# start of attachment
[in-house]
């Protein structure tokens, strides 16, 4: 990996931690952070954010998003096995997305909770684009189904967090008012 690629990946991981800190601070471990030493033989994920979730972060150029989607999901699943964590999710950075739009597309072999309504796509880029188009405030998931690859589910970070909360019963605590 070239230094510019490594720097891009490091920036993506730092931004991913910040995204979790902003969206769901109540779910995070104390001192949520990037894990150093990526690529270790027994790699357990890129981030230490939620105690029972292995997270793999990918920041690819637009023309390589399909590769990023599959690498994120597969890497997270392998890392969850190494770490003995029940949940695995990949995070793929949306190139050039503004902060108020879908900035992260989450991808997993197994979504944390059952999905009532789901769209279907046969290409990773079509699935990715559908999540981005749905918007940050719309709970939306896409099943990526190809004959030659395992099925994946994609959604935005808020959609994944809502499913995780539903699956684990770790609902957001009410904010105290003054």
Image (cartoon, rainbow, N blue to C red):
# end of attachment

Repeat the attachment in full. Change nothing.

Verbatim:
[in-house]
């Protein structure tokens, strides 16, 4: 990996931690952070954010998003096995997305909770684009189904967090008012 690629990946991981800190601070471990030493033989994920979730972060150029989607999901699943964590999710950075739009597309072999309504796509880029188009405030998931690859589910970070909360019963605590 070239230094510019490594720097891009490091920036993506730092931004991913910040995204979790902003969206769901109540779910995070104390001192949520990037894990150093990526690529270790027994790699357990890129981030230490939620105690029972292995997270793999990918920041690819637009023309390589399909590769990023599959690498994120597969890497997270392998890392969850190494770490003995029940949940695995990949995070793929949306190139050039503004902060108020879908900035992260989450991808997993197994979504944390059952999905009532789901769209279907046969290409990773079509699935990715559908999540981005749905918007940050719309709970939306896409099943990526190809004959030659395992099925994946994609959604935005808020959609994944809502499913995780539903699956684990770790609902957001009410904010105290003054």
Image (cartoon, rainbow, N blue to C red):